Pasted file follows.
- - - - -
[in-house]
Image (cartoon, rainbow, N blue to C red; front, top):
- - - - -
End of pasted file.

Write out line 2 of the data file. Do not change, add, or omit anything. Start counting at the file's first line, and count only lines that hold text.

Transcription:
Image (cartoon, rainbow, N blue to C red; front, top):